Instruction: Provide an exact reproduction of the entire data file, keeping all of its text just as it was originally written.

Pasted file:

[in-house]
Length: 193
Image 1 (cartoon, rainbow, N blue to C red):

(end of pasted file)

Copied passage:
[in-house]
Length: 193
Image 1 (cartoon, rainbow, N blue to C red):